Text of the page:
Slade, as my main character likes to be called, is a far cry from a debutante and excels at sleuthing as a US Department of Agriculture investigator. She understands farming, and she loves her pork flavored with a mustard-based sauce.

The four sauces consist of mustard, vinegar pepper, light tomato and heavy tomato, but the majority of residents chow down on mustard-style barbecue. Residents understand that mustard defines the middle of the state, vinegar along the coast, light tomato in the northeast Pee Dee region, and heavy tomato in the northwestern section, but mustard is unofficially the signature flavor, originated by German settlers in the 1700s, a culture with an adoration for the yellow condiment.


You’ll find all sorts of variations where grill masters add items like peaches, apricot preserves, soy sauce, molasses, oregano, thyme, or celery seed, but the foundation for this sauce is as follows:

Slade’s South Carolina BBQ

1 ½ cup yellow mustard
½ cup apple cider vinegar
½ cup brown sugar
1 Tbsp. tomato paste or tomato ketchup
1 tsp. salt
1 tsp. pepper
1 tsp. cayenne

Combine all ingredients, simmer low for 30 minutes. Cool and store in airtight container in refrigerator. Let the flavors combine for at least four hours. You can add to the meat during cooking as well as after for dipping. You can thin it or thicken it. Experiment on the amounts, depending on whether you lean to the tangy vinegar side (more vinegar) or the sweeter sugar side (more sugar or even honey, or dark brown instead of light brown sugar).  But however you enjoy it, your tongue will smack your head silly and never let you go back to hickory sauce ever again.

For more on SC barbecue, go to


C. Hope Clark is author of The Carolina Slade Mystery Series, with the latest being Palmetto Poison, set in the midlands of SC where the sauce is definitely mustard.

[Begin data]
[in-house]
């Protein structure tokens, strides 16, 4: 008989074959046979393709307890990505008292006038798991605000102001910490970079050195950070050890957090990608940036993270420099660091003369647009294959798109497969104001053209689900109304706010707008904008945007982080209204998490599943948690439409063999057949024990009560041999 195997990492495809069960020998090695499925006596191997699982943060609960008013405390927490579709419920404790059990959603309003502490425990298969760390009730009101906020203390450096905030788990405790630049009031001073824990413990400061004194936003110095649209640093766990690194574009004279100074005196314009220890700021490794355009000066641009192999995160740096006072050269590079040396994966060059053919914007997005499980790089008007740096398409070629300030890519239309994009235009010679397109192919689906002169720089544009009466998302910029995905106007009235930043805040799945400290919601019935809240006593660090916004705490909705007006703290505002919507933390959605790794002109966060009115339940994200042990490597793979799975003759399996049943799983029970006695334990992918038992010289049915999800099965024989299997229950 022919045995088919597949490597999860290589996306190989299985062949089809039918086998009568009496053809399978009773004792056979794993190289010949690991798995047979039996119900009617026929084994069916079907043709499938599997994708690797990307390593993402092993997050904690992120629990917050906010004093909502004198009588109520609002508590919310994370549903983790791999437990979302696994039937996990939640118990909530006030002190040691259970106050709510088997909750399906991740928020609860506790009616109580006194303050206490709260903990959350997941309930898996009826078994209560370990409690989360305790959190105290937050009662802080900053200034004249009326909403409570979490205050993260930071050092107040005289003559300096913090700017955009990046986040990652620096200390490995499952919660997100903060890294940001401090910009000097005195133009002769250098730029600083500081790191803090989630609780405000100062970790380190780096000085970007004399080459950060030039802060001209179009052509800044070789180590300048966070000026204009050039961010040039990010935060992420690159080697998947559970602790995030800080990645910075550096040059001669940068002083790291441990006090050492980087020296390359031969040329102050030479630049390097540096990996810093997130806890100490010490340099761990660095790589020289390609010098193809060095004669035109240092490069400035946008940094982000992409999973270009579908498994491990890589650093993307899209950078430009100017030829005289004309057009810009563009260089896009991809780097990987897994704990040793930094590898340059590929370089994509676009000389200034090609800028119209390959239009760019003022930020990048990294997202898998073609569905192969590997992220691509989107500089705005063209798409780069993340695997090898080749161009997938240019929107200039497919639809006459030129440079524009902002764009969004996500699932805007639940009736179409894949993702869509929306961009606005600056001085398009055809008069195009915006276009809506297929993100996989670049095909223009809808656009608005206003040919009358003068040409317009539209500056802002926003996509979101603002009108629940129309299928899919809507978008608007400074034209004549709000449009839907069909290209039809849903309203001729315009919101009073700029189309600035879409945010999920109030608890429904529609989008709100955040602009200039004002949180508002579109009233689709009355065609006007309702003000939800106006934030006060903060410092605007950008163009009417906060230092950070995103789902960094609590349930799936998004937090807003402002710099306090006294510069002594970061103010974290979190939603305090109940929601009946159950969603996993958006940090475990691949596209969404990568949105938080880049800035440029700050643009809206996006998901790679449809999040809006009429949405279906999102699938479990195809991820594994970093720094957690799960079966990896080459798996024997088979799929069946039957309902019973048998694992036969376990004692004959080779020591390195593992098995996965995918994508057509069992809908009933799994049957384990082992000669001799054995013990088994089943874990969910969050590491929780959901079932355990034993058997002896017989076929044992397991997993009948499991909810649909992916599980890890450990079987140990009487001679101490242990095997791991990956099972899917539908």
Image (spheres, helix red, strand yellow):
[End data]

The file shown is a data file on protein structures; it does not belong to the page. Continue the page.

Hope Bridge

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Ask Cynthia a Question – June 24, 2014

barbequeLee Ann asked: What’s the difference between grilling and barbequing? It all seems the same to me.

My answer: To best explain the difference between barbequing and grilling, I’d like to quote Tori Avery from her blog, INSPIRED BY OUR DELICIOUS PAST.

Before we dig into some smoky, charbroiled, lip-smacking history, let’s clear up a common misconception: grilling and barbecuing are not the same thing. While the terms are often used interchangeably (particularly in the northern United States), the truth is that grilling and barbecuing are two very different cooking methods. Grilling is the most basic form of cooking—it is, quite simply, the method of cooking a food directly over an open flame or high heat source. Barbecue, on the other hand, is a low and slow method of cooking over indirect heat.

THE HISTORY OF BARBEQUE AND GRILLING from Tori’s blog is an entertaining and informative way to learn the history of cooking methods, foods or recipes. People have been grilling and barbequing since caveman days (some believe even longer), which makes both cooking methods vintage.

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Thinning Barbeque Sauce

Thinning barbeque sauce with water will dilute the flavor; try thinning it with fruit juice to enhance its flavor.